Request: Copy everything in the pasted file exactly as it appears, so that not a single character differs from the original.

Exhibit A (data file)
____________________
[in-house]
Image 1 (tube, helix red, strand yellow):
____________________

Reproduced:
[in-house]
Image 1 (tube, helix red, strand yellow):